This post is not going to tell you that your:
- pins aren’t pretty enough
- headlines aren’t catchy enough
- or that you’re not pinning enough
In this post, we are going to address 2 real problems recently addressed by Pinterest. It’s a little shocking since these two things were recommended as “best practices” for YEARS… until now.
Pinterest is pretty well known for not being able to make up its mind about hashtags… but we’ll get into that later.
2020’s best practices were to use up to 6 relevant, broad hashtags in pin descriptions. Anything over 6 hashtags was considered spammy.
I was planning on continuing this practice into 2021, until a student of mine shared a conversation she had with Pinterest support about a separate issue. Here’s what the tech said:
“As mentioned earlier we do not have any block/flag on your account and website. In addition to the information I have provided in my last email, I also see you have been using hashtags on the description of the pins. Kindly note that Hashtags were often abused by spammers to gain distribution and have not been proven to be a valuable tool hence we do not recommend using them.”
Now we have OFFICIAL statement from Pinterest that hashtags are dead. Or are they?… Like I mentioned earlier, Pinterest has trouble making up its mind about hashtags.
One minute they recommend them, the next they condemn them. In early 2019, this is exactly what happened, so I’m having a bit of deja vu over here!
Right after reading this letter from Pinterest, I wrote a post about it, then Pinterest restored the functionality of hashtags (meaning they were clickable again).
So honestly, who really knows.
I’ve decided to play it safe and remove hashtags from my strategy. Now, I simply add more keywords into my pin descriptions instead!
One of the most troublesome episodes this year was all the drama surrounding repins. Here’s what happened:
After seeing massive drops in clicks and impressions, many Pinterest marketers contacted the Pinterest Help desk looking for answers.
Then, a common theme started popping up in their responses…
Many bloggers received emails condemning the amount of repins shown on the accounts in question.
Here’s an example:
For Pinterest managers, like me, this was a major shift.
Most of us set our pricing based on the number of pins posted per month. And MOST of those are REPINS!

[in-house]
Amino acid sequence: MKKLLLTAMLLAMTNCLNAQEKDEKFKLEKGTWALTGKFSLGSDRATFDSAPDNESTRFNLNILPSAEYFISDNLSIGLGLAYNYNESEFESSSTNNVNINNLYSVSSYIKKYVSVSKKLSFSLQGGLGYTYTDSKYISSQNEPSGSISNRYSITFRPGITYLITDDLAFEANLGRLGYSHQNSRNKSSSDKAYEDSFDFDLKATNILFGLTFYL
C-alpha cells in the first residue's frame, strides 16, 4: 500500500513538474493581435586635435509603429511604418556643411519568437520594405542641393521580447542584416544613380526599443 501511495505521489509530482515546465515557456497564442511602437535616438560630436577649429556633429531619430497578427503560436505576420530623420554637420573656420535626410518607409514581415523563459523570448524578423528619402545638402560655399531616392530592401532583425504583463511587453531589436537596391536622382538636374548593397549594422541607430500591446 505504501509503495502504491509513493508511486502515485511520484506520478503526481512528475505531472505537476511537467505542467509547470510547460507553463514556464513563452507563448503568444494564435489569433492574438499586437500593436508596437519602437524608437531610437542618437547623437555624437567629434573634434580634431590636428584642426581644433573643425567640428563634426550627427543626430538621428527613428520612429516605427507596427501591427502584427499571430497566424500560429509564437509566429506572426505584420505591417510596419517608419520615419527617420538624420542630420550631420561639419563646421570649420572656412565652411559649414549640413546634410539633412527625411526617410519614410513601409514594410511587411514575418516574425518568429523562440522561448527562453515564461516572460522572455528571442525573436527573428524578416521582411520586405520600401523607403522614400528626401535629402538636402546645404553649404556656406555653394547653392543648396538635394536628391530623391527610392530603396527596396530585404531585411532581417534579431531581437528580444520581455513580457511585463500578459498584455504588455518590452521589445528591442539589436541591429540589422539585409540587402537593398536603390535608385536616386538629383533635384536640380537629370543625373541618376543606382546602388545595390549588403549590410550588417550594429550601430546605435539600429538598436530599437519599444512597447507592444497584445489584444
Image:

Pinterest has been saying for years that they prefer ‘fresh content’ over any other content. This time they really mean it, apparently.
Reducing the number of repins on your account should be a primary focus for you in 2021.
Does that mean you need ZERO repins? No.
I’m a bit of a perfectionist, so my accounts and client accounts are all zero-repin right now (using a scheduling hack 😉).
But, as a general rule, you’ll want the ratio of fresh vs. repin to always favor on the side of fresh. More fresh pins vs. repins. Always.
If you’re feeling a little overwhelmed by all the new changes, don’t panic.
In 2021, I want you to have access to the most updated Pinterest information available. So, I’ve created a Free 2021 Pinterest Strategy Guide for my fellow bloggers and Pinterest VAs so we can all stay up-to-date together.
Here’s What’s Covered in the 2021 Strategy Guide:
- A breakdown of all the algorithm changes in 2020
- The deets on spam filter “bugs” and super low impressions, oh my!
- How to adjust your repin strategy for success
- Should you pin third party pins?
- How to get ahead of the changes (yes, it’s possible)
Enter your info below, and I’ll show you what you exactly what you need to care about to get ahead.
Or you can sign up to get the guide here.
I’ve been told by many of my peers that I should be charging for this guide because it’s packed with so much insight! But for now, it’s totally free, and I hope it helps you get some clarity on all the Pinterest madness that’s been going on lately.